With reference to FIG. 4A, a flowchart of an embodiment of a process 400-1 for delivering a content object from a POP 120 is shown. This embodiment corresponds to the functional block diagram of FIG. 3A. An end user system 102 through a browser, player or other application requests a content object that is hosted by the CDN 110. Through DNS, redirection and/or routing, the request reaches a POP 120 close in Internet terms to the end user system 102. More precisely, the POP 120 is likely close to the DNS used by the end user system 102, which may be very distant from the end user system 102 such that the POP 120 is a poor choice for delivering the content object. This embodiment uses Anycast to find the POP 120 in block 404. The DNS 250 at the POP 120 returns a VIP unique to the POP 120 that points to the edge servers.

With the VIP, the end user system 102 requests the URL with the VIP inserted. The RAE 308 receives the request before routing the request to one of the many edge servers 230 in block 412. The first edge server 230 that receives the request checks a level 2 HTTP cache 332 for the content object in block 416. Where the level 2 HTTP cache 332 has the content object as determined in block 420, processing continues to block 440 where the content object is proxied through the level 2 HTTP proxy 328 running on the edge server 230 to the end user system 102.

Where there is a cache miss in block 420, processing continues to block 424 where the level 2 HTTP proxy 328 passes the request to a CARP logic 312. The CARP logic 312 calculates a hash on the URL and finds one of the many level 1 HTTP proxies 320 corresponding to the hash. The level 1 HTTP proxy 320 checks its level 1 HTTP cache 324 for the content object. If the content object is missing, in whole or in part, it is found elsewhere in the CDN 110 or at the origin server 112 in block 432. Once the content object is located in the level 1 HTTP cache 324 or found elsewhere, the content object is proxied through the level 1 HTTP proxy 320 and the level 2 HTTP proxy 328 to the end user system 102.

With reference to FIG. 4B, a flowchart of an embodiment of a process 400-2 for delivering a content object from a POP 120 is shown. This embodiment corresponds to the functional block diagram of FIG. 3B. The depicted portion of the process 400-2 begins in step 404 where the request or domain name resolution is delivered to a POP 120 likely close to the end user system 102. The DNS 250 at the POP 120 returns Anycast VIPs to the end user system 102. The Anycast VIPs can resolve to any number of POPs 120 throughout the CDN 110. The Anycast VIPs are different from IP addresses in that the RAE 308 could assign them to any number of edge servers 230. Other embodiments could use Anycast IP addresses that reference servers that appear in a number of POPs.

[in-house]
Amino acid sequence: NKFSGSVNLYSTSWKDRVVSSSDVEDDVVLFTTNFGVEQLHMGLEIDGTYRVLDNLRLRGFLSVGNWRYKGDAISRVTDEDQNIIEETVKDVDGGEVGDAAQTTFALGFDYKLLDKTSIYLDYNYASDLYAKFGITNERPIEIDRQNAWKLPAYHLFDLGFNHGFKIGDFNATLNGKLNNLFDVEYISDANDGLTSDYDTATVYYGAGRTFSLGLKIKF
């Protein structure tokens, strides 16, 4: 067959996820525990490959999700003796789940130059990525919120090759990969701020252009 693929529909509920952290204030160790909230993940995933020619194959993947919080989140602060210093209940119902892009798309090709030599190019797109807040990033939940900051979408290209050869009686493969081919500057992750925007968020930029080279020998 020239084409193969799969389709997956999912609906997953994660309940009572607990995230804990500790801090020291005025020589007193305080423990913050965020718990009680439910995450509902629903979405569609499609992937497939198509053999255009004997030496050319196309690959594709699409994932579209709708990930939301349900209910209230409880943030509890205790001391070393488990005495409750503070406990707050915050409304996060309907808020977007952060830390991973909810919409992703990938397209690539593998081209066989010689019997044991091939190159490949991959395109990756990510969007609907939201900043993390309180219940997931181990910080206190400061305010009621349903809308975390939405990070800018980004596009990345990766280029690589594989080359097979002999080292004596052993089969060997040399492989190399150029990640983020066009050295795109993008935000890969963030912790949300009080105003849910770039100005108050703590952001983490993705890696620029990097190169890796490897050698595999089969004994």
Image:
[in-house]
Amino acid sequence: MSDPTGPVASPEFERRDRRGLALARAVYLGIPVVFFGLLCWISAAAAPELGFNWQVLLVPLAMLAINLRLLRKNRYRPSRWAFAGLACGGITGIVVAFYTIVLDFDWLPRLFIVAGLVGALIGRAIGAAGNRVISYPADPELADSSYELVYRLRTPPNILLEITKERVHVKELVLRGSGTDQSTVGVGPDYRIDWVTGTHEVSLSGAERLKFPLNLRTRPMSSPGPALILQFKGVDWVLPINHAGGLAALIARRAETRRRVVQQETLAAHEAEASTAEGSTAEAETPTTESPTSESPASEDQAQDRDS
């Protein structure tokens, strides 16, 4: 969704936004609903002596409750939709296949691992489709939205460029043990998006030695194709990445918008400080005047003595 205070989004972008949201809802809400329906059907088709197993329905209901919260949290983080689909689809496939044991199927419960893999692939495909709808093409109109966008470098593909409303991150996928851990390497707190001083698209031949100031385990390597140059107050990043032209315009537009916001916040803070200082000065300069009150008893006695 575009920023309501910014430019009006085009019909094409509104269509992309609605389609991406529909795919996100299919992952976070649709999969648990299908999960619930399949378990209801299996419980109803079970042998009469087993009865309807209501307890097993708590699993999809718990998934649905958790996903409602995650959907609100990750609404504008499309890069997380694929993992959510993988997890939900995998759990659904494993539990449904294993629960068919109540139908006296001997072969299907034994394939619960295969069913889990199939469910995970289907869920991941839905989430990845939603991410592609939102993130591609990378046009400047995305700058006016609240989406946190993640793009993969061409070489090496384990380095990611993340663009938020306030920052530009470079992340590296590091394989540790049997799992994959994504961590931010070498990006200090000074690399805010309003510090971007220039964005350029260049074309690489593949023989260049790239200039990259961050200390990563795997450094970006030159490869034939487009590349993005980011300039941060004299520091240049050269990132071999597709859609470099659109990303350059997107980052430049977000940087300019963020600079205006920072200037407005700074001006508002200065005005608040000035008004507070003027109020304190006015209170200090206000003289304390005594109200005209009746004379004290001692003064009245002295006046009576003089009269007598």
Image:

The end user system 102 request the content object at the Anycast VIP. This will resolve though the Internet to a nearby POP 120. The nearby POP 120 may or may not be the POP 120 that was used in block 410 for the DNS resolution. In block 414, the received request is processed by the RAE 308 for assignment to one of many edge servers 230. The RAE 308 in this embodiment does round robin assignment between a number of the edge servers 230 with the right capability that were assigned to the customer.

In block 416, a level 2 HTTP proxy 328 on the edge server 230 passes the request with a special header indicating the request came from an Anycast VIP to the CARP logic 312. Using CARP, the CARP logic 312 assigns the request to a second edge server 230 running level 1 HTTP proxy 320. After recognizing the special header, the level 1 HTTP proxy 320, a unique URL is computed that refers back to the level 1 HTTP proxy 320 in block 426. A 302-redirect is issued to the end user system 102 to relay back the computed URL through the two HTTP proxies 328, 320 before the link is closed.